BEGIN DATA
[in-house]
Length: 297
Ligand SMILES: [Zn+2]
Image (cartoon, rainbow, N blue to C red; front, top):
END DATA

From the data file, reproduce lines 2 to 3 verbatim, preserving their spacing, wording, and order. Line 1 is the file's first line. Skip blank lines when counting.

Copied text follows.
Length: 297
Ligand SMILES: [Zn+2]